Want to learn Dutch? Where is the best place to learn Dutch? This post shares all the information you need about learning Dutch in the Netherlands and free resources.
Dutch language proficiency levels
Per NT2 (De Staatsexamens Nederlands als Tweede Taal), the proficiency level is below:
- A1: Beginner
- A2: Elementary
- B1: Intermediate
- B2: Upper intermediate
- C1: Advanced
- C2: Proficient (near-native)
To get Dutch permanent residence, you must pass the B1 level. If you plan to study in a Dutch university for their Dutch-taught program, you need to get a C1 level.
How I Speak Dutch With More Confidence
Before sharing more resources for learning Dutch, I’d like to share my personal experience. [updated in 2024]
When I arrived in Amsterdam more than 10 years ago, I took some Dutch courses at University of Amsterdam Language Center and UvA Talen. As an Asian moving to The Netherlands, I found the Dutch language difficult.
I finished B1 courses, but was still afraid to speak Dutch. Last year, I started taking 1 on 1 online courses, and I have more confidence with my Dutch speaking skills. I so regret that I didn’t start taking it earlier.
The price is not expensive, and your speaking skill will improve quickly. If you have a full-time job or have a family, and are not confident in speaking Dutch like I was, you can try a trial lesson to see if it is for you.
You can take one-hour or 30-minutes lesson, it is up to you.
Where can you learn Dutch in the Netherlands?
University Language Center
Many private institutions teach Dutch languages; the most popular option is to learn it via University language centers. Almost every university in the Netherlands offers Dutch courses.
In general, the Dutch courses from the university offer better quality since they are more strict about the qualifications. However, the study might be more academic, but it is a good start.
Once you have a good Dutch grammar base, go to other private institutions or TaalHuis (I will explain later) to further improve your speaking skills. This is what I did to improve my speaking skills.
TaalHuis is another good place to learn Dutch. It’s a program supported by the city government, and you can find it in big cities in the Netherlands.
TaalHuis is usually once to twice per week. The teachers are voluntary and focus more on your speaking skills than other skills, like writing and reading skills.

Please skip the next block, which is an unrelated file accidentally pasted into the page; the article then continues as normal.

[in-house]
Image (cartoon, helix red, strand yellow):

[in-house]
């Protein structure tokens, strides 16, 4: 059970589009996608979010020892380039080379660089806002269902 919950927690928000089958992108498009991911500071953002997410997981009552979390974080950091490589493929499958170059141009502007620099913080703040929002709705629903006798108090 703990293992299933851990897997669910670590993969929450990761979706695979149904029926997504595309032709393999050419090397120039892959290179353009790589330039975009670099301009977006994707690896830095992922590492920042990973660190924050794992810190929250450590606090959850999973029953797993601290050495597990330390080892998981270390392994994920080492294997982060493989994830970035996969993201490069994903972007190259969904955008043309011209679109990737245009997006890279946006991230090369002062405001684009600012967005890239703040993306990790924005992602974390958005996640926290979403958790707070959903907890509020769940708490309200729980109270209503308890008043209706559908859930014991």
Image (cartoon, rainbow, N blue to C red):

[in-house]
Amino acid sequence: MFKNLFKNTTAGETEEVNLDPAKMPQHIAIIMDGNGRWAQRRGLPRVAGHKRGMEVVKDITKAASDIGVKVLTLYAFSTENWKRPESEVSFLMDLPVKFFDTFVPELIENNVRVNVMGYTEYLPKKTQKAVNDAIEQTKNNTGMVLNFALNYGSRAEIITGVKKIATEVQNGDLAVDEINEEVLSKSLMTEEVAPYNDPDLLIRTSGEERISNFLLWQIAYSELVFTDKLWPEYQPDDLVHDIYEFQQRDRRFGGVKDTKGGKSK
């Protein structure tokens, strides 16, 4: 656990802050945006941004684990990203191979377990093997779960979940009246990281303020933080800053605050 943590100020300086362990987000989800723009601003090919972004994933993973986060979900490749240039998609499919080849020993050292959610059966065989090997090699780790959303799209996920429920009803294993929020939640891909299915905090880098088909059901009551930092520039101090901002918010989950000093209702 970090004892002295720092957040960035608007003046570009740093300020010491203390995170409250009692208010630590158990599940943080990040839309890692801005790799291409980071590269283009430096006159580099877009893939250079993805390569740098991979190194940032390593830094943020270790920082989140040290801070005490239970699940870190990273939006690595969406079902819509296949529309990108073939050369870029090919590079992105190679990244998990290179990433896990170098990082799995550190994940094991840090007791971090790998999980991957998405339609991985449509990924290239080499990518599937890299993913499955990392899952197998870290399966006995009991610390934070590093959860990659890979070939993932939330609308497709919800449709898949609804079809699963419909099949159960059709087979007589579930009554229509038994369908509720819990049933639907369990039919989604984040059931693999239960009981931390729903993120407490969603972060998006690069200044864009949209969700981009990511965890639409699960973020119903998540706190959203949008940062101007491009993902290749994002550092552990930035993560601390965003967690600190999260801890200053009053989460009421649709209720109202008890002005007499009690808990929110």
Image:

Frequently Asked Questions about learning the Dutch language
Can a Dutch language institution offer a student visa?
No, it is not possible. Unfortunately, you cannot get a student visa via any Dutch language programs, and the easiest way to learn Dutch in the Netherlands is with a travel visa.
Is it easy to learn Dutch?
The first word I learned in the Netherlands is Hallo, which means hello in Dutch. Compared with other European languages, the Dutch language is similar to English. This post shares how to say hello in different languages around the world. You will get what I mean. 😉
However, it isn’t accessible if you are unfamiliar with other European languages. In addition, the teacher uses Dutch only once you are halfway A1 course, and it’s pretty challenging for some people.
The key to proficiency in any language is practicing, practicing, and practicing. At first, I found it challenging to understand what the Dutch people were saying; as I listened more, it became easy.
Popular Books to learn Dutch
Many university language centers use the books from Code Plus, a book with online learning material. Their online learning material is the best, so it is a good option for anyone who wants to learn the Dutch language by themselves.
Another popular Dutch learning book. Compared with Code Plus, their book is more user-friendly since the content is more organized, but their online learning material could be more extensive.
Books to learn the Dutch language at different levels:
- Nederlands In Gang: A1 to A2
- Nederlands In Actie: A2 to B1
- Nederlands In Op Niveau: B1 to B2
- Nederlands naar perfectie: B2 to C1
How to learn Dutch fast for free?
The cost of living in the Netherlands and the Dutch courses are high. Is there no other way to learn Dutch? Yes, of course: online, and there are many free resources!
Paul is a Dutch teacher and a YouTuber. On his Youtube channel, he shares a wide range of topics, including the Dutch language, culture, and interviews with people living in the Netherlands. He has a paid Dutch online course, but his free content is good enough for anyone who wants to start learning Dutch.
In his free courses section, you get many valuable topics, like vocabulary, grammar, the 250 most commonly used verbs, and situations you might have in your daily life in the Netherlands.
If you are wondering if you should invest in expensive Dutch courses, you can start with his free online courses first.
They first ask about your mother language and prepare the Dutch course for you. The website is user-friendly.
Zeer Goed Dutch
You learn the Dutch language based on different types of situations. They offer beginner-friendly courses, a good start for diving into the Dutch-speaking world.